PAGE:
MacDonald has achieved much in his lifetime. Over the decades his expertise and business acumen have been recognized by roundtables and royal commissions seeking his advice, and by his frequent positions on agriculture boards, such as: Chair of the Prince Edward Island Potato Marketing Board, representative of the Atlantic Provinces on the Canadian Horticultural Council, Chair of the Canadian Horticultural Council, Chair of the Prince Edward Island Association of Fairs and Exhibitions, and Chair of the Canadian Association of Fairs and Exhibitions. He has also served on numerous environmental committees. In 1991 MacDonald was named agrologist of the year. The citation sums this part of his career up nicely: it recognized the “contribution he made to agriculture through his leadership abilities. This was instrumental in promoting the agricultural industry in his community, his province and his country.” The land is in MacDonald’s blood, and one can be assured that his blood is in his land. The two are connected on an elemental level.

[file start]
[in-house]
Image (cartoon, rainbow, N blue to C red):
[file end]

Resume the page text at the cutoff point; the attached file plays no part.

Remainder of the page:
Interest in community is a major component of MacDonald’s life. To put back into his community what he has received from it, he: volunteers his time in fundraising for the Prince County Hospital; has for over thirty years been involved in the Crapaud Exhibition; and founded the Tractor Pull, and the Garden Show. MacDonald is an Elder of North Tryon Presbyterian, and works in different capacities with Maritime Electric.
There is a Chinese proverb that goes as follows: Weather is not as important as good soil, and good soil is not as important as human harmony. Elmer MacDonald, a modest man, has worked to make sure his activities have improved not only the land beneath his feet, but also that the life of his community, and the Island generally, have improved. This is harmony of intent, and makes Elmer MacDonald a worthy recipient of the Order of Prince Edward Island.
It’s the purpose of the Order of Prince Edward Island to salute those whose contributions to Island life are exceptional, and Frank Zakem is a citizen whose talents and ambition have enriched Island life in definite ways.